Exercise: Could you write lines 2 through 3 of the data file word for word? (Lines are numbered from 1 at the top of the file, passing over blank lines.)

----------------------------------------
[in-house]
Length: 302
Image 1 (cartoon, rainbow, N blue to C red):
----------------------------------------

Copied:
Length: 302
Image 1 (cartoon, rainbow, N blue to C red):